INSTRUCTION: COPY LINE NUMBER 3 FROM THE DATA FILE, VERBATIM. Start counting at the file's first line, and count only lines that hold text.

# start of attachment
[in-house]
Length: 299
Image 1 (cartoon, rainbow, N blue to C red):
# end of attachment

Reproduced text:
Image 1 (cartoon, rainbow, N blue to C red):